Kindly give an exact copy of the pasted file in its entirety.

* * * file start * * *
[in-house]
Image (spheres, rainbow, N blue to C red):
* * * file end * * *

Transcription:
[in-house]
Image (spheres, rainbow, N blue to C red):